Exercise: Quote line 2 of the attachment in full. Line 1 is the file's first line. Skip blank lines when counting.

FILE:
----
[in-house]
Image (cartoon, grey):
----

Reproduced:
Image (cartoon, grey):